The energy usage and e-waste production of the tech sector covered in the first part of our conversation is only one aspect of Ingrid Burrington’s work as a writer and artist. We continued our conversation about journalism, art, time travel, and magic.
Do you think it’s possible to understand tech outside of its institutional constraints?
“I’m often referred to as a technology writer or a tech journalist but I feel like everyone is a tech journalist. Being a tech journalist just means that you are a systems thinker if you’re doing your job right. Like writing about Palmer Luckey’s horrifying border security startup and writing about that as a tech story and not as an immigration story is a deeply irresponsible thing to do. Everything that’s written as a tech story is actually a story about some other negotiation of power.”
You’re both a journalist and an artist. How do you relate those two different kinds of practices?
“It’s something that is very tricky. I worry about treating that like too fluid of a relationship. One of the things I find great about journalism is that there’s a long standing presumed code of ethics and principles. And in art, I find that ethics is like an interesting conversation to have. Like if a reporter tried to pull what Julian Oliver pulls in some of his projects he would be completely disgraced and fired immediately. But the reason that Julian Oliver does the things he does in an art and critical engineering context is for that very reason. There’s an ambiguity. He’s given permission to explore these questions. Art is also a useful way to move between spaces because frankly, journalists are often perceived by large institutions as threats and artists are perceived by large institutions as novelties. I think about the fact that people in the intelligence community think Trevor Paglen is great. He’s met guys who love his stuff because they view things such as collecting all the classified program patches as a cool gesture celebrating their work. But if the New York Times did an inventory of all the patches, they’d be like ‘why are you attacking us?’”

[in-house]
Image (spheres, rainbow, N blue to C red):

We live in a real time machine
You’ve written that “Living in the age of endless real-time often feels more like accelerated time, and living in accelerated time really means living in an age of increasingly precise archives.” Even if we physically move through time steadily in one direction, if can feel like time has collapsed or that the internet is a time machine where people can travel back in time and destroy someone’s future, e.g through revenge porn, or finding old, inappropriate tweets and so on. And in a lot of your work it feels like you are doing that but to the technologies themselves. That you travel back in time and find out how new tech infrastructures are built on top of old ones and sometimes even how it’s held together with the equivalent of duct tape and twine. When you dig into the past of networks and computer history, how do you hope to influence the future?